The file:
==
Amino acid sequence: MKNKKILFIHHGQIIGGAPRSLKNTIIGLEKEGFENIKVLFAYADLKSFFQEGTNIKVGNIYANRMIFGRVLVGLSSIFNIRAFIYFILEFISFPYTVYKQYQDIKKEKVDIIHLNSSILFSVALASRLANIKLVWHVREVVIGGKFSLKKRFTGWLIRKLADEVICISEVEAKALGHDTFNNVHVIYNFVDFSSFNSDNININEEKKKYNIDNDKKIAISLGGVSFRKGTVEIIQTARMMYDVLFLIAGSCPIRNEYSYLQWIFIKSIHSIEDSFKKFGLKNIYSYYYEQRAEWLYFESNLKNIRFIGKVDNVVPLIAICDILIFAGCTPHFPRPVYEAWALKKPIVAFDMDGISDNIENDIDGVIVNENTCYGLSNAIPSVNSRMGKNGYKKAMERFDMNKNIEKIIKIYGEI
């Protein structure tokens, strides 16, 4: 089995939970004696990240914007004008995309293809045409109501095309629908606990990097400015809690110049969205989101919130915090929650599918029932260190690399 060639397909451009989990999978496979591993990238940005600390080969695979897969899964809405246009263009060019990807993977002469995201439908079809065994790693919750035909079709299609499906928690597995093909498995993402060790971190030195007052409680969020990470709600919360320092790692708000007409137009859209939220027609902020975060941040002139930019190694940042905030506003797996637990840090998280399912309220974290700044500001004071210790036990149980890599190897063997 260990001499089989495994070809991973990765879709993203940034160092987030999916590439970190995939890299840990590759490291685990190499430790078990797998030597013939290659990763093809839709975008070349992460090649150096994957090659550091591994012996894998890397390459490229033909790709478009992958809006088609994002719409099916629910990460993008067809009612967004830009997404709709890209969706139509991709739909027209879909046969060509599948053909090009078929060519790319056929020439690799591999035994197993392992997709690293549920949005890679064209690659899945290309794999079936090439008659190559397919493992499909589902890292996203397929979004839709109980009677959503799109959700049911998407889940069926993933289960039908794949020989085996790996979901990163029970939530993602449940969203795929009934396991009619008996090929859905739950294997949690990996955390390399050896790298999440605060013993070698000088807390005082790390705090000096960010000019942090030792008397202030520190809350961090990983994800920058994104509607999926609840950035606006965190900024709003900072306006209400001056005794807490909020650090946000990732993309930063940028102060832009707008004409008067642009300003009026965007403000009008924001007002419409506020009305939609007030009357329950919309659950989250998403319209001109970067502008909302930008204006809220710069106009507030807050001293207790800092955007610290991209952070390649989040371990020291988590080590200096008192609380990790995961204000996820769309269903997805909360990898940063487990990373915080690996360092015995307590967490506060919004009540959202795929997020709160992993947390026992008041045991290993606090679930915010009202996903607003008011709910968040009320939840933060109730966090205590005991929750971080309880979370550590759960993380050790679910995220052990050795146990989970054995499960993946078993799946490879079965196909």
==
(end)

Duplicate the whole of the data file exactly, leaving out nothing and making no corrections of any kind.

Amino acid sequence: MKNKKILFIHHGQIIGGAPRSLKNTIIGLEKEGFENIKVLFAYADLKSFFQEGTNIKVGNIYANRMIFGRVLVGLSSIFNIRAFIYFILEFISFPYTVYKQYQDIKKEKVDIIHLNSSILFSVALASRLANIKLVWHVREVVIGGKFSLKKRFTGWLIRKLADEVICISEVEAKALGHDTFNNVHVIYNFVDFSSFNSDNININEEKKKYNIDNDKKIAISLGGVSFRKGTVEIIQTARMMYDVLFLIAGSCPIRNEYSYLQWIFIKSIHSIEDSFKKFGLKNIYSYYYEQRAEWLYFESNLKNIRFIGKVDNVVPLIAICDILIFAGCTPHFPRPVYEAWALKKPIVAFDMDGISDNIENDIDGVIVNENTCYGLSNAIPSVNSRMGKNGYKKAMERFDMNKNIEKIIKIYGEI
């Protein structure tokens, strides 16, 4: 089995939970004696990240914007004008995309293809045409109501095309629908606990990097400015809690110049969205989101919130915090929650599918029932260190690399 060639397909451009989990999978496979591993990238940005600390080969695979897969899964809405246009263009060019990807993977002469995201439908079809065994790693919750035909079709299609499906928690597995093909498995993402060790971190030195007052409680969020990470709600919360320092790692708000007409137009859209939220027609902020975060941040002139930019190694940042905030506003797996637990840090998280399912309220974290700044500001004071210790036990149980890599190897063997 260990001499089989495994070809991973990765879709993203940034160092987030999916590439970190995939890299840990590759490291685990190499430790078990797998030597013939290659990763093809839709975008070349992460090649150096994957090659550091591994012996894998890397390459490229033909790709478009992958809006088609994002719409099916629910990460993008067809009612967004830009997404709709890209969706139509991709739909027209879909046969060509599948053909090009078929060519790319056929020439690799591999035994197993392992997709690293549920949005890679064209690659899945290309794999079936090439008659190559397919493992499909589902890292996203397929979004839709109980009677959503799109959700049911998407889940069926993933289960039908794949020989085996790996979901990163029970939530993602449940969203795929009934396991009619008996090929859905739950294997949690990996955390390399050896790298999440605060013993070698000088807390005082790390705090000096960010000019942090030792008397202030520190809350961090990983994800920058994104509607999926609840950035606006965190900024709003900072306006209400001056005794807490909020650090946000990732993309930063940028102060832009707008004409008067642009300003009026965007403000009008924001007002419409506020009305939609007030009357329950919309659950989250998403319209001109970067502008909302930008204006809220710069106009507030807050001293207790800092955007610290991209952070390649989040371990020291988590080590200096008192609380990790995961204000996820769309269903997805909360990898940063487990990373915080690996360092015995307590967490506060919004009540959202795929997020709160992993947390026992008041045991290993606090679930915010009202996903607003008011709910968040009320939840933060109730966090205590005991929750971080309880979370550590759960993380050790679910995220052990050795146990989970054995499960993946078993799946490879079965196909």